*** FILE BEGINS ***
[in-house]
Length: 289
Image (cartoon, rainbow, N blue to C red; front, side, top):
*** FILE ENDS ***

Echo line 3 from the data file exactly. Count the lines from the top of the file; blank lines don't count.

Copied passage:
Image (cartoon, rainbow, N blue to C red; front, side, top):